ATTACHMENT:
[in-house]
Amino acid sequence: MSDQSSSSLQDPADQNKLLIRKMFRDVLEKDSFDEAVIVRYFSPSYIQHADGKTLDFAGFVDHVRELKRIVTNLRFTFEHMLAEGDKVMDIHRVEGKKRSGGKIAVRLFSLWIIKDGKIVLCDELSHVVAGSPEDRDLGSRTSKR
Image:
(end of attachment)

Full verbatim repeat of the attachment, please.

[in-house]
Amino acid sequence: MSDQSSSSLQDPADQNKLLIRKMFRDVLEKDSFDEAVIVRYFSPSYIQHADGKTLDFAGFVDHVRELKRIVTNLRFTFEHMLAEGDKVMDIHRVEGKKRSGGKIAVRLFSLWIIKDGKIVLCDELSHVVAGSPEDRDLGSRTSKR
Image: